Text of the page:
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San Francisco is a good place to kill someone. After burning the town down, they are distracted by its rebuilding.
am 8. Juli 2014
Much has been made, over the last few decades, about the death of the western as a genre. Yet this argument fails to notice a crucial fact: the western was never just a genre. It offers America a heroic vision of its history, rooted in the potential and peril of the westward expansion and the grand design of Manifest Destiny. In this sense, stories relating to the Alamo, the gunfight at the OK Corral or Billy the Kid took on the value of scriptures and were presented in books, plays and, most successfully, films. But now I have to giddy up and ride off to "sing the praises" (as I do for Mary Doria Russell's "Doc") about Patrick deWitt's tale of two hired guns set against the backdrop of the California gold rush, shortlisted for the Booker Prize in 2011. Along the ride, deWitt parallels the trails of James Carlos Blake and Cormac McCarthy, yet he frequently wanders into comic territory to produce a story that's weirdly funny, outright violent and immersed in sadness.
It's 1851, around the time of the Sierra Nevada gold rush, when Eli and Charlie Sisters, two brothers and notoriously pistol-sharp killers hit the trail in the Oregon Territory and ride south to California to go about their business. They've been commissioned by a mysterious racketeer only known as Commodore to kill prospector Herman Kermit Warm for some undefined reason. As professionals they don't want to know, they just pursue their path to turn him into a dead man. The narrator and main character is the younger brother Eli Sisters who relates the ride that soon turns into an odyssey and, like all odysseys, it is full of both strange adventures and revelations. As the brothers are riding along there are brief but realistically outlined chapters of men driven insane by loneliness, there is collection of dirty whorehouses and noisy saloons while the brothers slaughter, drink and sleep their way south.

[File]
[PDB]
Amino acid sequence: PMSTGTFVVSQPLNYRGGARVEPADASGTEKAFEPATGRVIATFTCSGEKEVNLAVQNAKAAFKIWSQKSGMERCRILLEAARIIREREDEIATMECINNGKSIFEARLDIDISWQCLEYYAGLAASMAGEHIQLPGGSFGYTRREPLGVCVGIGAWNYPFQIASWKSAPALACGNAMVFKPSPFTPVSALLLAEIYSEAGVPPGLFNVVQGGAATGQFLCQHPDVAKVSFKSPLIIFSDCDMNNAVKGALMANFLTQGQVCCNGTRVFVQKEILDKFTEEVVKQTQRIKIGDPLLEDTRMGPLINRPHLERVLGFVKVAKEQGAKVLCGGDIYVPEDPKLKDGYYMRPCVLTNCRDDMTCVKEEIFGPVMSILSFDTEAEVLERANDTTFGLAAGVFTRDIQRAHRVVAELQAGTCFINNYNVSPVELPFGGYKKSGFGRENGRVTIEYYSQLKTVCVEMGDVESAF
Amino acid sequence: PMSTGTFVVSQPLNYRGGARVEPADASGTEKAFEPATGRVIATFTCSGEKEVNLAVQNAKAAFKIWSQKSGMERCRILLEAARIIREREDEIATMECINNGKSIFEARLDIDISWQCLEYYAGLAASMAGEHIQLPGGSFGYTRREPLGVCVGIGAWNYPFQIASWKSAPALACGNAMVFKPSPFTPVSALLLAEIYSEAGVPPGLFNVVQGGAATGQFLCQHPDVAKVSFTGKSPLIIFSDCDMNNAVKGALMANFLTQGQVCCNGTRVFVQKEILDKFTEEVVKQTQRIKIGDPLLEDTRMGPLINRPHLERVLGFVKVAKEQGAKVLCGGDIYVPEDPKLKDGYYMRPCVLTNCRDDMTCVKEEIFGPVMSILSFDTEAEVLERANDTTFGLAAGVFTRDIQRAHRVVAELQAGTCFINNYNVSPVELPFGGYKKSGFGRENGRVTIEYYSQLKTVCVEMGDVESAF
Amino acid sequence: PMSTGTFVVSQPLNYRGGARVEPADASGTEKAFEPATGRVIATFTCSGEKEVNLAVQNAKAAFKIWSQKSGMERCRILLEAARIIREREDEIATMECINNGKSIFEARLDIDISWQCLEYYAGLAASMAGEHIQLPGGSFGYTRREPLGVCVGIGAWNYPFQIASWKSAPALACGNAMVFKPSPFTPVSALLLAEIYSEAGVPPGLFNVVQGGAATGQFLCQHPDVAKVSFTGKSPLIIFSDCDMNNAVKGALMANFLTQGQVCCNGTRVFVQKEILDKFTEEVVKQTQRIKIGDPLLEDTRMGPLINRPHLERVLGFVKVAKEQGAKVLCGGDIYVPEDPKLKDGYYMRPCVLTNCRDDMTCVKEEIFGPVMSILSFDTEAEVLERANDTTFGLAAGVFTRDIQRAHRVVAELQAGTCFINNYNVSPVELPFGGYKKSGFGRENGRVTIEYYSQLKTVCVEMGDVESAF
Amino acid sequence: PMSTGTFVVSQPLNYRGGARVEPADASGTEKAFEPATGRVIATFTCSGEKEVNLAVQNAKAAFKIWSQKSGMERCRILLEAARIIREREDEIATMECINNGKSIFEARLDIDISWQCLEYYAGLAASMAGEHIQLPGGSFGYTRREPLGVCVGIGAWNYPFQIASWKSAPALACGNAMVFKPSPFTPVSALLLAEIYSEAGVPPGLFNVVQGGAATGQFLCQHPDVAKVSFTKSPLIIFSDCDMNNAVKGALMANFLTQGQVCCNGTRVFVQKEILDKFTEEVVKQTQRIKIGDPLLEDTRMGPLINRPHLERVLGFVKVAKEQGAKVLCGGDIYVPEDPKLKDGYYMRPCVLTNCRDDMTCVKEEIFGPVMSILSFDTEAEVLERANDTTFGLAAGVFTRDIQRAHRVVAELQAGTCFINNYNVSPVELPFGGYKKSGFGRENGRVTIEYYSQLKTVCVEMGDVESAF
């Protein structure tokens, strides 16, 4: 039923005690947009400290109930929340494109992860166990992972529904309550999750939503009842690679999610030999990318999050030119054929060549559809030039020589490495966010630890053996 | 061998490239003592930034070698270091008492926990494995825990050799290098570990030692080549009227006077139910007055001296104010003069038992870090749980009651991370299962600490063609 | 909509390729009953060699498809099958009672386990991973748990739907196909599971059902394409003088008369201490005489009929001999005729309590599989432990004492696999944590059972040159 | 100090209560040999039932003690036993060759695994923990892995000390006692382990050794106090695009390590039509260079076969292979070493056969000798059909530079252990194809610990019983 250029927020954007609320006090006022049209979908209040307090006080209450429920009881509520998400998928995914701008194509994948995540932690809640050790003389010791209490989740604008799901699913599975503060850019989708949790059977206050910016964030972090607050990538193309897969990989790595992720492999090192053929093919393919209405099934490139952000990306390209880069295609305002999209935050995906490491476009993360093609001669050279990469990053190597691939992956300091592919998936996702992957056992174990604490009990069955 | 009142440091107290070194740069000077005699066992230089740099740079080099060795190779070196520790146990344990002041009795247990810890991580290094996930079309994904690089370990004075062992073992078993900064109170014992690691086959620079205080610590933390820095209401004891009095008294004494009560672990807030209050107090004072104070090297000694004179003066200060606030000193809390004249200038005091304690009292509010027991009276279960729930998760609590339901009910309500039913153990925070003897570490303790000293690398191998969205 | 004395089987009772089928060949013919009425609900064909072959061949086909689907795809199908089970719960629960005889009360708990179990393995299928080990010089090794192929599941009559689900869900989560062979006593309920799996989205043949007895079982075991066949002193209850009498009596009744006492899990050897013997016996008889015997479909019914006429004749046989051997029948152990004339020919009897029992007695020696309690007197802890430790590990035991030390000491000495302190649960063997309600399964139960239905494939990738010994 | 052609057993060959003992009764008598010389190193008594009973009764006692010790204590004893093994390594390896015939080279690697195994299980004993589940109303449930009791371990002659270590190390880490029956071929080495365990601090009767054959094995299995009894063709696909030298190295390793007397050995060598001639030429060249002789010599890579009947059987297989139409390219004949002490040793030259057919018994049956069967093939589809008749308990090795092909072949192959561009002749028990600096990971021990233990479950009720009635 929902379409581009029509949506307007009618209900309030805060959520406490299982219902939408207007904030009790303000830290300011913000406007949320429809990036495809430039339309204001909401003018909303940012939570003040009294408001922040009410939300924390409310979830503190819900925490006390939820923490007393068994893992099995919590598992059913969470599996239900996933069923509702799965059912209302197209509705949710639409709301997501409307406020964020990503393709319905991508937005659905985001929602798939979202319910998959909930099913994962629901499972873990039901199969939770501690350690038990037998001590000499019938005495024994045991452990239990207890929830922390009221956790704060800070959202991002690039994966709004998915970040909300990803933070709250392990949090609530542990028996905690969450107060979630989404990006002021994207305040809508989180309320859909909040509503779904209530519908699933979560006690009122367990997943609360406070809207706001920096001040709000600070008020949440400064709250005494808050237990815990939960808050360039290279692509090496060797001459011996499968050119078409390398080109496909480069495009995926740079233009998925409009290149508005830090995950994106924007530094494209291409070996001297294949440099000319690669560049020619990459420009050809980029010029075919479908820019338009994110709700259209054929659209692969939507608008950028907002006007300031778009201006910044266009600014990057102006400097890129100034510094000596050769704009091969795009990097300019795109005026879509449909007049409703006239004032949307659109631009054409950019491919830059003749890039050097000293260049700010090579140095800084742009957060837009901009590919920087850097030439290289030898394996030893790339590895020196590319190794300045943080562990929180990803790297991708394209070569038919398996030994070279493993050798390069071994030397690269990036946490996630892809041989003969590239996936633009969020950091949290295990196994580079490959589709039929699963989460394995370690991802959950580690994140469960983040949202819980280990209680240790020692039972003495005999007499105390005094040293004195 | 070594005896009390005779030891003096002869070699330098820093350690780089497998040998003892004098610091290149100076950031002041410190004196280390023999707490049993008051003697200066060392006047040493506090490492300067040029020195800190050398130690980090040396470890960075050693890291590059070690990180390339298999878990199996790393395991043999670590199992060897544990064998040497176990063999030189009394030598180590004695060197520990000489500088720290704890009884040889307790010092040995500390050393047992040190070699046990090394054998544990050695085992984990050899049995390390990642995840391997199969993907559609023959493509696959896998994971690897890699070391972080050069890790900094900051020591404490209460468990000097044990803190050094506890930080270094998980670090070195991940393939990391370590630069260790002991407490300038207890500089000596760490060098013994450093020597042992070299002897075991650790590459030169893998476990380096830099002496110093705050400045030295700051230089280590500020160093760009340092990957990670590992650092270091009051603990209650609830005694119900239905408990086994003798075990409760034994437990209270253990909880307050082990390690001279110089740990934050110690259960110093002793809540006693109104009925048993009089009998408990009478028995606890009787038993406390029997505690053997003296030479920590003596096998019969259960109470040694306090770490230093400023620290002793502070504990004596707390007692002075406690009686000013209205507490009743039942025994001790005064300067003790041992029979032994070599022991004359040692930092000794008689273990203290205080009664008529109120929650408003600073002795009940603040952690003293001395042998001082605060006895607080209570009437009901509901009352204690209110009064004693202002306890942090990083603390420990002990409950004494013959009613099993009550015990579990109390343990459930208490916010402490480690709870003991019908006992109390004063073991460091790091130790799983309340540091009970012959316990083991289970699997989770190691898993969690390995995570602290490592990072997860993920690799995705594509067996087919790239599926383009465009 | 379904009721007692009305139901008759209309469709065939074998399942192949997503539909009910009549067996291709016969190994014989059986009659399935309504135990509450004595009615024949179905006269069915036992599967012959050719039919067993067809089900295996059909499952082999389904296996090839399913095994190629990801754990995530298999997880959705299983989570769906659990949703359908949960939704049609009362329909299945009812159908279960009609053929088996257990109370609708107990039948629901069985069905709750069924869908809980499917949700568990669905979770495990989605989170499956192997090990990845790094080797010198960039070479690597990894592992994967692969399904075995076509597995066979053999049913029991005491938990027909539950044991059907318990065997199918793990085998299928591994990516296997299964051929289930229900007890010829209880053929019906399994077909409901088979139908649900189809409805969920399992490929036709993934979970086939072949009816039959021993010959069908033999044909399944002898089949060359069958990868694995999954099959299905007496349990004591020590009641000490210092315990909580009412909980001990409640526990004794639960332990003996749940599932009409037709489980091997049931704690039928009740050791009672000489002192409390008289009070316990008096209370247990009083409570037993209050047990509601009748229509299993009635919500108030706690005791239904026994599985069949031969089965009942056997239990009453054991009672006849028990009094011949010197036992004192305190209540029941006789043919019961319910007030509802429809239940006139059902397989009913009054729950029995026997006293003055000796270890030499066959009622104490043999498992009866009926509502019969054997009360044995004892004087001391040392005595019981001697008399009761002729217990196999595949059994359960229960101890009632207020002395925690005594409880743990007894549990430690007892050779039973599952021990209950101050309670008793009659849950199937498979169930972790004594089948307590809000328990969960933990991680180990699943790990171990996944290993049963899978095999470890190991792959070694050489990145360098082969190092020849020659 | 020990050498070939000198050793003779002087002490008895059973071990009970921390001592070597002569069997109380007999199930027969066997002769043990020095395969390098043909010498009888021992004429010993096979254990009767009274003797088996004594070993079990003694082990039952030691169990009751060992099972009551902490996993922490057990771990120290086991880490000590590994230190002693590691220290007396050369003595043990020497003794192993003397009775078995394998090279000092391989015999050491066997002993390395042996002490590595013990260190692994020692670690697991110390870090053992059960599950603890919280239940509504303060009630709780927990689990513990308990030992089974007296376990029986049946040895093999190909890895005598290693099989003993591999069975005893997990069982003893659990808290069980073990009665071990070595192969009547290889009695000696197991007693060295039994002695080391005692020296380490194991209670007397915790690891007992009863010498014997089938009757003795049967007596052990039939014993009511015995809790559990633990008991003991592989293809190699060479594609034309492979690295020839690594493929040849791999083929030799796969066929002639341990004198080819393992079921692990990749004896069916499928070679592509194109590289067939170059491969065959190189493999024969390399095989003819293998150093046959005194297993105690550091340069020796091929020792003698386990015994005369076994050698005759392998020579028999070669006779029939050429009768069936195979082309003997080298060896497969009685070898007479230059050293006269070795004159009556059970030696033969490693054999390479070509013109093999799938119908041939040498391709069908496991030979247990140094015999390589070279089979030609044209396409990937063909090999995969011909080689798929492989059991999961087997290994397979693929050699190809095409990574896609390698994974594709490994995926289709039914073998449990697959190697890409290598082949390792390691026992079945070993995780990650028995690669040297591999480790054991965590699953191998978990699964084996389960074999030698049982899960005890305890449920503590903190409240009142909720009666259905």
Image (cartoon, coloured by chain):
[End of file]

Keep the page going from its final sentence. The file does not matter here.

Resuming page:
Charlie the older brother is the leading member of the killing team and always in charge but due to his temper and a fondness for brandy and prostitutes not always in control. Well, the story is not all the way serious, sometimes it's not even an Old Western and most of the time it's a parody or rather falls into the category of road movies as well as the buddy story. They live an ugly life in an ugly world and violence is decribed in the most grisly detail. As Eli follows Charlie, he begins to wonder whether there is a way out of this trap - he doesn't exactly feel guilt for the murders he has perpetrated, but he does feel a sort of mounting fatigue, and some people he meets along the trail show him that there are possibilities for a more agreeable life. So the brothers begin quarreling over Eli's newfound qualms. However, Charlie is not easy to persuade, particularly not on moral grounds. To him the younger brother is second banana since childhood and claims that he wasn't ever meant to be a killer in the first place. Everything has a price in this Western. Finally arriving in San Francisco the brothers have to realize that they are too late to meet finger man Henry Morris, who's supposed to point out their target, Kermit Warm. On top of that the gold price is plummeting. If Eli thought that the assassination business is tough, he learns that panning for gold is not only more tedious but much less rewarding. In San Francisco the plot shifts gears and the gold rush that only existed as a backdrop, now becomes vital, the McGuffin (the "secret formula") is revealed.
Anyone who is expecting a historic description of Oregon and California however, will be disappointed, also deWitt has deliberately avoided showboating his period-specific research. His narrative style is rather flat, which is probably intended to be the hilarious part, yet his voice is sharp and distinctive and the ride through the boomtowns and the detritus of the gold rush highlights Eli's change as compassion is unfolding in him and the effect is stunning. Of course, deWitt is more than capable to investigate history as his lively yet realistic portrait of San Francisco proves.